Andy Sack on Lighter Capital: Expanding Beyond RevenueLoan to Finance More “Weird Stuff that Makes Money”

Premium goat-milk ice cream. Bouncy-house rentals for kids’ parties. Electronic medical records for psychiatrists. None of these sound like your textbook target for early stage investors, who are often found hunting consumer tech startups that can turn into billion-dollar home runs.

For ubiquitous Seattle investor and entrepreneur Andy Sack, that’s precisely the point. Those three very different businesses are companies supported by RevenueLoan, the alternative financing startup that Sack unveiled about a year ago in his mission to disrupt the traditional investment market. These days, Sack is repositioning RevenueLoan as Lighter Capital—a name change that he says reflects a broader focus and an overall attitude that’s much less buttoned-down than your average bank or venture capitalist.

I stopped by Sack’s Founder’s Co-op/Seattle TechStars office recently to get a better idea of what the changes will entail, and what the first year has been like for one of the more prominent experiments with an emerging investment model known as revenue-based financing.

Check out Xconomy’s story from last year for a more exhaustive rundown of how it all works, but here’s the short version: Revenue-based financing is a loan that’s repaid by sending investors a slice of top-line revenue, typically in the 1-10 percent range, up to a hard cap of three-to-fivefold return on investment. So, in exchange for taking no equity stake in the startup, an investor can make money without an IPO or acquisition. For Seattle-based Lighter Capital, loans typically top out at $500,000. The company was started with $6 million from Voyager Capital, Summit Capital, and Founder’s Co-op, and Sack says Lighter Capital might look to raise more money in a year or so.

The first year has seen 10 deals on a range of companies. About half of them have some kind of technology focus, such as lead generation or software-as-a-service—“stuff that is just never going to be a huge company, but solves a real problem for a set of customers,” Sack says.

One early investment was in Valant Medical Solutions, which helps psychiatrists and other mental health professionals streamline their administrative burden by shifting things like patient records, prescribing, and billing to Web-based software. The Seattle-based company was started by a pair of brothers: psychiatrist David Lischner and software developer Ben Lischner.

“It’s a niche,” Sack says. “They might get huge, but it’s more likely they end up at a $5 million-a-year, $10 million-a-year business.”

Other investments include Mimja, which operates a Web-based lead generation and rental company for those big bouncy houses that kids (and adults) like to hop around in; and Laloo’s, whose high-end goat’s milk ice cream has been featured in Oprah Winfrey’s O Magazine. “They do a million dollars worth of sales in Whole Foods,” Sack says. “They’re the highest-priced half-pint of ice cream in Whole Foods, which is an accomplishment.”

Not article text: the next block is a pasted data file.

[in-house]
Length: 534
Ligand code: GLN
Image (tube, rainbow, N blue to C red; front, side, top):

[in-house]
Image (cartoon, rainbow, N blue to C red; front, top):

These all fit the slice of growing businesses that Lighter Capital is aiming to serve: Typically too small-bore for VCs, and potentially underserved by traditional banks that make their living on run-of-the-mill retail businesses. “Basically, we fund weird stuff that makes money, that the people can’t get access to growth capital really from any other source. And we think if there’s a good business case and growth, we’ll fund it,” Sack says.

Coming next for Lighter Capital is an online communication platform that Sack says will let entrepreneurs apply for funding quickly and easily, as opposed to making a boardroom pitch or sitting down with a banker.

“You can basically apply in your underwear and get 500,000 bucks. We think that’s pretty fucking cool,” he says. “Why do you have to get dressed up in a suit and tie, to go meet someone else in a suit and tie, just to be told no? We don’t think you have to do that.”

Lighter Capital also plans to harness the growing use of social networking services, and the data they provide, to help make investment decisions. “What does that information allow us to garner about your creditworthiness? We don’t have a fully baked solution on that, but we’re working on it,” Sack says.

After that, Lighter Capital may offer some different investment services that make sense alongside the RevenueLoan product, which is the mainstay for now. Sack wouldn’t say if he has any specific ideas in mind, but he says there’s plenty of material to mine by working with entrepreneurs frustrated by the current system.

“It takes too long—that’s the thing we hear the most. They don’t like that it’s kind of a beauty contest. They don’t like that they have to give up a lot of control—control is a big area. And then, of course, cost,” Sack says. “I think we’re addressing most of those pieces.”

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